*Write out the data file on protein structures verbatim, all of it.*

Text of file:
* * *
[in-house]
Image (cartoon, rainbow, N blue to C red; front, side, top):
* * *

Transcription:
[in-house]
Image (cartoon, rainbow, N blue to C red; front, side, top):